Buttermilk Sourdough Waffles
(makes 4 Belgian Waffles)

Buttermilk Sourdough Waffles

1 cup sourdough starter
1 cup warm water
1/2 cup dried buttermilk powder
1/2 teaspoon salt
2 tablespoons honey
1/3 cup coconut oil
4 eggs (separate the egg whites from the egg yolks)
1-1/2  cups flour
1 tablespoon vanilla extract

 

NOTE: If you have an 8-cup glass measuring cup this is the ideal “medium size bowl” so you can see if something is really doubled.

In a medium size bowl, add the starter, warm water, buttermilk powder, salt, sugar and coconut oil.  Whisk to blend.  Whisk in the flour.  Whisk the egg yolks then add to the flour mixture.  Leave the flour mixture to sit until it doubles in volume.  This may take an hour depending on how warm it is in the kitchen.  (Check on it earlier if it’s warm and check on it later if it’s cool in the kitchen).  Leave the egg whites covered on the counter until they reach room temperature.

When the dough is doubled, preheat the waffle iron.

Beat the egg whites until you get stiff peaks. (Turn the beaters upside down.  If the point stands up, It’s ready.  If it falls limply to the side, keep on beating).  Add the vanilla and about a third of the egg whites to the dough using a whisk.  When the egg whites and vanilla are incorporated, add the remaining egg whites to the dough.  You want to add the egg whites without deflating them.  So, use the whisk to fold the egg whites into the dough slowly.

Every waffle iron differs so you’ll need to check the instructions on your waffle iron to determine how to make your waffles.

If serving, hold the finished waffles in a 200F oven until you are ready to go to the table.

If freezing, let waffles cool on a cooling rack then store in plastic bags freezer.  Toast from frozen when ready to serve.

Life Happens… And so do quick meals…

I have a rolling list on my phone (and fridge) of every meal that The Kid and I eat in the week (I used to pack lunches for The Hubs but it got confusing so he handles his breakfast & lunch himself). I have this week’s menu complete and I am starting to figure out next week. Yes, it’s true, I have meal planning OCD. I used to think I was crazy, but thankfully, my Bestie assures me that she has a list too. It’s the only way we know exactly what we need to have available in the fridge (either buy it on the way home or defrost it ahead of time) and how we manage to keep food on the table and lunch in the lunch boxes. No one seems to care how food gets to the table, but they surely want to know what happened when it doesn’t get there. And this is how I ended up standing over the stove at 6am Monday morning cooking coconut rice so it would be ready for me in the evening so I could give I could make something for The Kid’s lunch for Tuesday (how’s that for a breadcrumb trail…lol)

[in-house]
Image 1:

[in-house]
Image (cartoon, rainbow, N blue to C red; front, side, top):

The coconut rice is of course simple. I make my rice using my Foolproof Method but substitute the oil with coconut oil, and substitute the water with a mixture of 1 can of coconut milk and enough chicken stock to make 4 cups. This is of course for 2 cups of uncooked rice. When it’s cooked transfer the rice to a storage container & put it in the fridge. (Feel free to race off to daycare drop-off & work like I did when you’re done.)

I’ve found that my “fried rice” recipes work best with rice that isn’t freshly made. You can use freshly made rice, but I’ve found that the cold rice doesn’t absorb the oil like fresh rice would and you maintain a much better texture with individual grains of rice.

So, fast forward to the evening and I leave work an hour and a half late. I have half an hour before I have to pick up The Kid and nothing else ready in the house for his or my lunch tomorrow. Ooops!!!

Now as luck would have it I had just roasted some red peppers over the weekend, we had steamed snow peas for dinner last Friday, I had a butterflied chicken with two breasts and a thigh left (save the thigh for something else) and two containers of fresh cremini mushrooms. There was no time to cut onions (it was a miracle i sliced through the mushrooms as fast as I did without causing myself harm) and I also had to set up my coffee and The Kid’s breakfast and sippy cups on top of everything else so… trusty roasted garlic purée to the rescue. If I had more time to make it I would have added 1 cup of minced onions.